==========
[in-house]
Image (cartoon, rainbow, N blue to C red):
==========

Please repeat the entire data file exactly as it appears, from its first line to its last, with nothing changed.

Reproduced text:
[in-house]
Image (cartoon, rainbow, N blue to C red):